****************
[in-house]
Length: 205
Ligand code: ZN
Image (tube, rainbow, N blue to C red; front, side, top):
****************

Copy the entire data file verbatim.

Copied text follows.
[in-house]
Length: 205
Ligand code: ZN
Image (tube, rainbow, N blue to C red; front, side, top):